The operation R::trash does an individual deletion. Commonly the operation is preceded by retrieval by id:
$book = R::load( 'book', $book_id );
R::trash($book);
A valid $book found in any way can be deleted with this operation. Deleting a non-existent book from a load operation does not generate an error, but a null from findOne does. For example:
$book = R::load( 'book', 400 );  // book does not exist
R::trash($book);                 // no problem
 
$book = R::findOne( 'book', "title=?", ["NO SUCH BOOK"] );
R::trash($book);                 // ERROR!!

Operations through R::$adapter

Other RedBean operations are available through helper objects. For example, the static R::$adapter object allows us to compute the number of affected rows after a database operation:
$num = R::$adapter->getAffectedRows();
This can be useful, say, in the delete operation to obtain the delete status:
$book = R::load('book', $book_id);  // $book_id may not be valid
R::trash($book);
$successful_delete = R::$adapter->getAffectedRows() > 0;

Many-to-many Operations

For many-to-many relationships which employ a join table, RedBean provides tools by which you can effectively "pass through" the join table transparently. Suppose for definiteness we have:
$alice = R::findOne( 'user', 'name=?', ["alice"] );
$book7 = R::load( 'book', 7 );

The shared mechanism

For tables book and user, if the join table used the "default name"
book_user
then we could use these operations:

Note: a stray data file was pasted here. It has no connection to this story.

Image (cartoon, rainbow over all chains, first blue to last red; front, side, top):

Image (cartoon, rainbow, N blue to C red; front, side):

$alice->sharedBook
$book7->sharedUser
to get a list of all books borrowed by alice, and respectively, all users which have a copy of the book. The disadvantage of using the default join table name is that RedBean does not allow creating instances of join records directly:
$join = R::dispense('book_user');
If the join table has a simple name (borrow in our case), we must present the name within the via operation as:
$alice->via('borrow')->sharedBook
$book7->via('borrow')->sharedUser
These listings are actually array maps associating the book id to the book object, and so we can list all books of alice by:
$aliceBooks = $alice->via('borrow');
foreach($aliceBooks as $book_id => $book) {
  // do something with the $book
}
You can use the with operator to impose ordering/limiting features, for example:
// alice's books, ordered by title
$alice->via('borrow')->with("order by title")->sharedBook
 
// alice's books, at most 5, ordered by quantity descending:
$alice->via('borrow')->with("order by quantity desc limit 5")->sharedBook

Creating joins with shared

To lend book #7 to alice we can do either of these two:
$alice->via('borrow')->sharedBook[] = $book7;
R::store($alice);
 
// or
$book7->via('borrow')->sharedUser[] = $alice;  
R::store($book7);
Even if the borrow record already exists, using this operation has no ill effect.

The defect with this method is that fields other than the joined id fields (like borrowed_at in our case) are not effected. This means one must be able to initialize the join record without initializing these extra fields. The requirement is that an extra field In our case the borrowed_at field is allowed to be NULL:
create table borrow (
  ...
  borrowed_at date,
  ...
)
With the following table definition, creation using the "shared" mechanism would fail:
create table borrow (
  ...
  borrowed_at date not null,
  ...
)

Joining with the link operation

Alternatively, we can set the other fields in the join record when the join is created with the RedBean link operation:
$alice->link( 'borrow', ['borrowed_at' => SOME_DATE_VALUE ] )->book = $book7;
R::store($alice);
 
// or
$book7->link( 'borrow', ['borrowed_at' => SOME_DATE_VALUE ] )->user = $alice;
R::store($book7);
This statement is meant for the insertion of a link, not the updating of join information and it throws an error if the join already exists.

Three ways to create a join

Here are three ways to create a join record in the borrow table, setting the borrowed_at field to some specific value. Assume we already have the $user and $book objects.
  1. Create the join record explicitly.